Serial.print("Pzem Slave ");
    Serial.print(pzemSlaveAddr);
    Serial.print(": ");
   
    result = node.readInputRegisters(0x0000, 9); //read the 9 registers of the PZEM-014 / 016
    if (result == node.ku8MBSuccess)
    {
      uint32_t tempdouble = 0x00000000;

      float voltage = node.getResponseBuffer(0x0000) / 10.0;  //get the 16bit value for the voltage, divide it by 10 and cast in the float variable 

      tempdouble =  (node.getResponseBuffer(0x0002) << 16) + node.getResponseBuffer(0x0001);  // Get the 2 16bits registers and combine them to an unsigned 32bit
      float current = tempdouble / 1000.00;   // Divide the unsigned 32bit by 1000 and put in the current float variable 

      tempdouble =  (node.getResponseBuffer(0x0004) << 16) + node.getResponseBuffer(0x0003);
      float power = tempdouble / 10.0;

      tempdouble =  (node.getResponseBuffer(0x0006) << 16) + node.getResponseBuffer(0x0005);
      float energy = tempdouble;

      float hz = node.getResponseBuffer(0x0007) / 10.0;
      float pf = node.getResponseBuffer(0x0008) / 100.00;

      Serial.print(voltage, 1);  // Print Voltage with 1 decimal
      Serial.print("V   ");

      Serial.print(hz, 1);
      Serial.print("Hz   ");

      Serial.print(current, 3);
      Serial.print("A   ");

      Serial.print(power, 1);
      Serial.print("W  ");

      Serial.print(pf, 2);
      Serial.print("pf   ");

      Serial.print(energy, 0);
      Serial.print("Wh  ");
      Serial.println();
    } else
    {
      Serial.println("Failed to read modbus");
    }
    delay(1000);
  }

}

void preTransmission()  // Put RS485 Transceiver in transmit mode
{
  digitalWrite(MAX485_RE_NEG, 1);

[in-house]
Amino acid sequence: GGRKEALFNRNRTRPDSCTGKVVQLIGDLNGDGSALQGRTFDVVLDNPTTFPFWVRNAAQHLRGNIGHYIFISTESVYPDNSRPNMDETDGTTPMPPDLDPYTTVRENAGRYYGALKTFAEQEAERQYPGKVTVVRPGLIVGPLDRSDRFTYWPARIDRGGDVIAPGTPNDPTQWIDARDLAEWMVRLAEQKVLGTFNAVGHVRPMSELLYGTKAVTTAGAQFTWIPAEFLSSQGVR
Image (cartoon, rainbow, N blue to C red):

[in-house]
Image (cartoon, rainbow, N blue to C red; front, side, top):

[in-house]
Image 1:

digitalWrite(MAX485_DE, 1);
  delay(1);
}

void postTransmission()  // Put RS485 Transceiver back in receive mode (default mode)
{
  delay(3);
  digitalWrite(MAX485_RE_NEG, 0);
  digitalWrite(MAX485_DE, 0);
}

void resetEnergy(uint8_t slaveAddr)    //Reset the slave's energy counter
{
  uint16_t u16CRC = 0xFFFF;
  static uint8_t resetCommand = 0x42;
  u16CRC = crc16_update(u16CRC, slaveAddr);
  u16CRC = crc16_update(u16CRC, resetCommand);
  Serial.println("Resetting Energy");
  preTransmission();
  Pzemserial.write(slaveAddr);
  Pzemserial.write(resetCommand);
  Pzemserial.write(lowByte(u16CRC));
  Pzemserial.write(highByte(u16CRC));
  delay(10);
  postTransmission();
  delay(100);
  while (Pzemserial.available()) {         // Prints the response from the Pzem, do something with it if you like
    Serial.print(char(Pzemserial.read()), HEX);
    Serial.print(" ");
  }
}

void changeAddress(uint8_t OldslaveAddr, uint8_t NewslaveAddr)  //Change the slave address of a node
{
  static uint8_t SlaveParameter = 0x06;
  static uint16_t registerAddress = 0x0002; // Register address to be changed
  uint16_t u16CRC = 0xFFFF;
  u16CRC = crc16_update(u16CRC, OldslaveAddr);  // Calculate the crc16 over the 6bytes to be send
  u16CRC = crc16_update(u16CRC, SlaveParameter);
  u16CRC = crc16_update(u16CRC, highByte(registerAddress));
  u16CRC = crc16_update(u16CRC, lowByte(registerAddress));
  u16CRC = crc16_update(u16CRC, highByte(NewslaveAddr));
  u16CRC = crc16_update(u16CRC, lowByte(NewslaveAddr));

  Serial.println("Change Slave Address");
  preTransmission();
  Pzemserial.write(OldslaveAddr);
  Pzemserial.write(SlaveParameter);
  Pzemserial.write(highByte(registerAddress));
  Pzemserial.write(lowByte(registerAddress));
  Pzemserial.write(highByte(NewslaveAddr));
  Pzemserial.write(lowByte(NewslaveAddr));
  Pzemserial.write(lowByte(u16CRC));
  Pzemserial.write(highByte(u16CRC));
  delay(10);
  postTransmission();
  delay(100);
  while (Pzemserial.available()) {   // Prints the response from the Pzem, do something with it if you like
    Serial.print(char(Pzemserial.read()), HEX);
    Serial.print(" ");
  }
}


Esp32s Altium library

Altium designer 16 library for the Esp32S wifi-bluetooth module.
Library design base on the Espressif Esp-Wroom-32 module that should be the same as the Al thinker Esp32s.

Note: Design is not yet verified because I don’t have the module yet.

Update 9 Feb 2017: Finally I received the module. Good news it matches my Altium design.
Made also a wider footprint for people who want to solder the module by hand.

 

 

 

 

 

 

 

 

 

 

 

 

6904 Downloads